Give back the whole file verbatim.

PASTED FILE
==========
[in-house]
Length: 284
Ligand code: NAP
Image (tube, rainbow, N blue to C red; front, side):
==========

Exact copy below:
[in-house]
Length: 284
Ligand code: NAP
Image (tube, rainbow, N blue to C red; front, side):